The Greatest American Hero
|The Greatest American Hero|
|Created by||Stephen J. Cannell|
|Theme music composer||Mike Post
|Opening theme||"Theme from Greatest American Hero (Believe It or Not)"
Performed by Joey Scarbury
|Country of origin||United States|
|No. of seasons||3|
|No. of episodes||44 (4 unaired) (list of episodes)|
|Running time||60 minutes|
|Original release||March 18, 1981– February 3, 1983|
The Greatest American Hero is an American comedy-drama television series that aired for three seasons from 1981 to 1983 on ABC. Created by producer Stephen J. Cannell, it premiered as a two-hour pilot movie on March 18, 1981. The series features William Katt as teacher Ralph Hinkley ("Hanley" for the latter part of the first season), Robert Culp as FBI agent Bill Maxwell, and Connie Sellecca as lawyer Pam Davidson.
The series chronicles Ralph's adventures after a group of aliens gives him a red suit that grants him superhuman abilities. Unfortunately for Ralph, who hates wearing the suit, he immediately loses its instruction booklet, and thus has to learn how to use its powers by trial and error, often with comical results.
Ralph Hinkley is a Los Angeles public school teacher of special education high school students. Aliens give him a suit which endows him with superhuman abilities and tell him to collaborate with FBI Special Agent Bill Maxwell (Culp). Attorney Pam Davidson (Selleca), who handled Ralph's divorce, sometimes joins Ralph and Bill on their adventures.
Suit and hero persona
Ralph's uniform grants him the powers of flight, super strength, resistance to injury (including direct bullet hits to areas covered by the suit), invisibility, precognition, postcognition, E.S.P., telekinesis, X-ray vision, super speed, pyrokinesis, holographic vision, shrinking, psychometry, and a sense to detect the supernatural. As Ralph lost the instruction manual, these powers are often a surprise to Ralph. Notably, while the suit enables Ralph to fly, it does not endow him with any particular skill at landing, so he frequently crashes in an undignified (if undamaged) heap. In the episode "Fire Man" he displays resistance to fire/heat and uses "superbreath" (blowing out a flamethrower), he also uses it in "There's Just No Accounting..." to extinguish a Molotov cocktail. He also shows signs of being able to control minds when he is exposed to high doses of plutonium radiation. In the season two finale episode, "Lilacs, Mr. Maxwell", Ralph is shown to control a dog by a holograph. This may have been an improvisational power of the suit, but is never tried again. In "The Shock Will Kill You", he (or the suit) becomes strongly magnetized.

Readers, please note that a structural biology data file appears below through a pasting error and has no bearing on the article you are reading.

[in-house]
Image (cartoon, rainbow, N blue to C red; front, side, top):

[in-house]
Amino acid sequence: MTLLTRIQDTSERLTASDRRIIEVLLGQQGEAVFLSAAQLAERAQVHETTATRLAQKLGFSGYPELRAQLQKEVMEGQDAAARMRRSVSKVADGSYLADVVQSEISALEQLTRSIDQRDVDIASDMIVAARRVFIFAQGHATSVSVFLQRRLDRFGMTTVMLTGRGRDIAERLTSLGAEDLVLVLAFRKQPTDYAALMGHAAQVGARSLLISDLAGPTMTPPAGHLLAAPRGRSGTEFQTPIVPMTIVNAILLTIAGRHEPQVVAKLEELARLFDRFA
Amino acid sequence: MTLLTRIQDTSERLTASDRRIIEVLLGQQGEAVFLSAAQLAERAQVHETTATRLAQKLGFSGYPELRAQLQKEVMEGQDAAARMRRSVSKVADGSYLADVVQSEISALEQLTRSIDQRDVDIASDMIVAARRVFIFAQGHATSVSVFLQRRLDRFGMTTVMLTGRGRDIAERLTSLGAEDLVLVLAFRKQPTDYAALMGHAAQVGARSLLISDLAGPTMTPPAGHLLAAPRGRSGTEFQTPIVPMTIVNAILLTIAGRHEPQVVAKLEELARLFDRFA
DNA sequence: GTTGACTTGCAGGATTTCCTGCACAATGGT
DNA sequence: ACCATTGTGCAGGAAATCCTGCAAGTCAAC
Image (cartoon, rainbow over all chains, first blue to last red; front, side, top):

In the season two episode "Don't Mess Around with Jim," Ralph and Maxwell learn they are not the first duo who received such a uniform. Jim "J.J." Beck had received the suit, and Marshall Dunn was his partner, much like Ralph and Maxwell operated. But Jim was overwhelmed with the power of the suit, and he used it selfishly until it was taken away. It is unknown if there were others before Jim who were visited by the aliens. In "Divorce Venusian Style", the pair meet the alien, whose world was apparently destroyed (which hints as to why it wants to protect humanity) and calls Earth one of the few remaining "garden planets". Ralph is given another instruction book—-supposedly the aliens' last copy, but he loses it as well, when he and the book shrink to a fraction of their normal sizes, and he is not holding the book when he returns to his original height. In the episode, "Vanity, Says the Preacher", it is also revealed there are several other people in seeming "suspended animation" aboard the aliens' ship (Bill speculates that they are possible replacements for them).
The hero persona never receives a "superhero name," either, although Scarbury sings the Elton John song "Rocket Man" in the pilot. However, in the episode "The Shock Could Kill You", Ralph refers to himself sarcastically as "Captain Gonzo".
Like his own character of Ralph Hinkley/Hanley, William Katt found the suit very uncomfortable and hated wearing it. Producers made various modifications to the suit to help him, and accommodated him by scheduling filming so he would not have to wear it all work-day.
Cast and characters
- William Katt as Ralph Hinkley/Hanley
- Robert Culp as Bill Maxwell
- Connie Sellecca as Pam Davidson
- Faye Grant as Rhonda Blake
- Michael Paré as Tony Villicana
- Jesse D. Goins as Cyler Johnson
- William Bogert as Les Carlisle